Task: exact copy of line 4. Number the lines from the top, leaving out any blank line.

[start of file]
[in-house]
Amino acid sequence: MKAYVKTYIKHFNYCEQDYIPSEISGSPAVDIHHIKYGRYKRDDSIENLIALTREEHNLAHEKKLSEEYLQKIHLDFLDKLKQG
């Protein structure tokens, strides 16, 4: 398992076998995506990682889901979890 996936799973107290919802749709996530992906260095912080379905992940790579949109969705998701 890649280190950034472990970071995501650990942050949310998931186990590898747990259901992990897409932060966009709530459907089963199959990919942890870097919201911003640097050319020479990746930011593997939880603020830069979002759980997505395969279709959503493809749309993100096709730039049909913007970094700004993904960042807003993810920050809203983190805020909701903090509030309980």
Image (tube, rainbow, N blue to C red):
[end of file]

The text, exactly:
Image (tube, rainbow, N blue to C red):